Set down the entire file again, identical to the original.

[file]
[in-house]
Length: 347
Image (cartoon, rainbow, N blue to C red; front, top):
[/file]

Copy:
[in-house]
Length: 347
Image (cartoon, rainbow, N blue to C red; front, top):